Double Member Borough

Published in The History of Parliament: the House of Commons 1754-1790, ed. L. Namier, J. Brooke., 1964
Available from Boydell and Brewer

Background Information

Right of Election:

in the freemen

Number of voters:

about 2,000


15 Apr. 1754Charles Barrow 
 George Augustus Selwyn 
29 Dec. 1755Selwyn re-elected after appointment to office 
25 Mar. 1761Charles Barrow1012
 George Augustus Selwyn981
 Powell Snell583
16 Mar. 1768Charles Barrow 
 George Augustus Selwyn 
7 Oct. 1774Charles Barrow 
 George Augustus Selwyn 
14 Sept. 1780Charles Barrow 
 John Webb 
31 Mar. 1784Sir Charles Barrow 
 John Webb 
5 Feb. 1789John Pitt vice Barrow, deceased837
 Henry Howard836

Main Article

No family succeeded in establishing a permanent interest at Gloucester, though the Selwyns of Matson held one seat from 1727 to 1780. The corporation had some influence through its power to create freemen. The out-voters were a considerable element in every contest, and added greatly to the expense. The recorder had also some influence, depending upon his stature and the part he took in civic life. In the 18th century the Members for Gloucester were always local men, and the city had a reputation for fidelity to them: between 1727 and 1832 there were only 13, five of whom died in possession of their seats.

‘The distinctions of Whig and Tory are not as yet worn out’, wrote John Pitt, Lord Hardwicke’s steward at Gloucester, on 15 Nov. 1760. Throughout the 18th century the Tories were strong in the city. At first they controlled both seats, but in 1727 had to yield one to the Whigs; and their constant endeavour was to regain the second seat. ‘The corporation is in the Whig interest’, wrote the Rev. Henry Gally, prebendary of Gloucester, to Newcastle on 9 Nov. 1751,1 ‘but the contrary interest prevails in the city.’

At the general election of 1747 Benjamin Bathurst, a Tory, and John Selwyn, a Whig, were returned without opposition. On Selwyn’s death in 1751 the Whigs approached his son George Augustus Selwyn, who preferred to wait until the general election; and in the absence of a suitable Whig candidate Charles Barrow, a Tory, was returned. At the general election of 1754 the Tories wished to try to retain both seats; but Barrow, on being informed by the corporation that if he stood alone they would support him, refused to join with Bathurst. The Tories, disgusted at his conduct, put up Powell Snell; but on the eve of the poll Barrow and Selwyn announced their junction, and Snell was forced to decline.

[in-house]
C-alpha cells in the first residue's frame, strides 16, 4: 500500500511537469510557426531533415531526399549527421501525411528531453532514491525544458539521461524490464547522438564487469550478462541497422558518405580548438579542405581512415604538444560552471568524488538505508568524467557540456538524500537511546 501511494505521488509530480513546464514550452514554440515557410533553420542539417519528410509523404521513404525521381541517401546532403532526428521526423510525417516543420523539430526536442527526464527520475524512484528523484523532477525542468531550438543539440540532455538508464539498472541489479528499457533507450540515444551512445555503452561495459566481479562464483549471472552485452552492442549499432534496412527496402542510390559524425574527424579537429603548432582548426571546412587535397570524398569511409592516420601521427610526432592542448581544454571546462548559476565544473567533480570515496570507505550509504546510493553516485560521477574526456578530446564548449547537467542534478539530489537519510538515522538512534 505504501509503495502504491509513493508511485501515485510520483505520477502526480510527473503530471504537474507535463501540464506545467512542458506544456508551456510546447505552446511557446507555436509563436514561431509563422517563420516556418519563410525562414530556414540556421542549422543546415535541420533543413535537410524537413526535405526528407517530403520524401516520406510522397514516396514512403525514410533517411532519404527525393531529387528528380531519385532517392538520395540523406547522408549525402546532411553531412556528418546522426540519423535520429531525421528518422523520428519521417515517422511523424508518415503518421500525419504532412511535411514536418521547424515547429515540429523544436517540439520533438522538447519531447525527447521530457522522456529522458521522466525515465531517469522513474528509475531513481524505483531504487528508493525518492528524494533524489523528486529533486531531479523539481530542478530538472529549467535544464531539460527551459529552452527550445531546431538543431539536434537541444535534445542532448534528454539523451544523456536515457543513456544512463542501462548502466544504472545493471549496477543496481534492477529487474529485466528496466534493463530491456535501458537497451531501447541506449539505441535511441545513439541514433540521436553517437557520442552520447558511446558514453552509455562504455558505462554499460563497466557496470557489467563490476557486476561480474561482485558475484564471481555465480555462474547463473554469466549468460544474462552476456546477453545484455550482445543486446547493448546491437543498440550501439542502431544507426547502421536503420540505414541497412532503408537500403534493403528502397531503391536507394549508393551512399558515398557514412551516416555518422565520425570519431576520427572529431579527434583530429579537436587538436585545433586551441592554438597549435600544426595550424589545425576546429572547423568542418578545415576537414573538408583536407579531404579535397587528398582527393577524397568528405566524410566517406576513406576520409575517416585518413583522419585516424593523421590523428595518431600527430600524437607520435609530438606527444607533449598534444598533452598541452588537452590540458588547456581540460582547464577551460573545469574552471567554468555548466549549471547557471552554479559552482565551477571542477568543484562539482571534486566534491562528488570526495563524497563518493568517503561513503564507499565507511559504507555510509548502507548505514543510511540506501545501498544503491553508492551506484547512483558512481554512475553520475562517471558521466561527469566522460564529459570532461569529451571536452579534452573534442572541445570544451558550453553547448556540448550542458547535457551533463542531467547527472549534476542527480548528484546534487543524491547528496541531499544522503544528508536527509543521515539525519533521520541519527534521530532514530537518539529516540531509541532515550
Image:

Similarly in 1761, Barrow preferred to join with Selwyn, and the Tories again set up Snell. After a disorderly contest Barrow came out head of the poll, and Snell was badly defeated.2

John Pitt, in a letter to Hardwicke of 15 Nov. 1760,3 wrote about Barrow and the Tories:

Mr. Barrow, conscious of the smallness of his own fortune, and sensible that that party was always a dead weight on the leaders, endeavoured to shift it by raising a party to himself, which Mr. Selwyn’s absence from Gloucester enabled him to do, for he was always ready and sought every opportunity of obliging them who he imagined would be grateful and had it in their power to serve him, so that his interest is supported by those out of gratitude who otherwise would not have troubled themselves with elections.

Selwyn, on the other hand, found election business distasteful and visited his constituents as little as he could. After 1761 his interest was losing ground; and he, rather than Barrow, began to gain from their alliance. Similarly, Barrow, rather than Selwyn came to be regarded as the corporation candidate.

In 1768 the Tories were reduced to supporting two outsiders, neither of whom could be called a Tory: John Roberts, a director of the East India Company, and John Cator, a Southwark timber merchant. Roberts soon declined, but Cator persisted a little longer. ‘Though the blow is aimed at Barrow’, wrote John Pitt, ‘yet the contest will lie between Selwyn and Cator.’4 But Cator declined before the poll. In 1774 Barrow and Selwyn were re-chosen, no other candidate appearing against them.

The election of 1780 had a political character. Selwyn, a placeman and a constant supporter of North’s Administration, had become very unpopular with those who opposed the American war. They found a candidate in John Webb, a former mayor, whose grandfather had represented Gloucester in Queen Anne’s reign. Webb was supported by the Duke of Norfolk, owner of a large estate near the city, whose son, Lord Surrey, was closely connected with the leaders of the Rockingham party. In April 1780 Barrow broke with Selwyn, and announced that he would stand singly. In July the corporation decided to support Barrow and Webb, who now stood on a joint interest. Selwyn was not at first despondent. He wrote to Lord Carlisle on 3 Aug.:5 ‘There is a great party for me both in the corporation and in the town, and among the gentlemen on the side of Administration, dispersed in the several counties, my interest is not inconsiderable.’ Robinson wrote of Gloucester in his electoral survey: ‘A pity it should be given up quietly, when it has so long returned one friend’; and Selwyn was promised financial assistance. (In all £2,600 was paid from secret service funds for this election.6)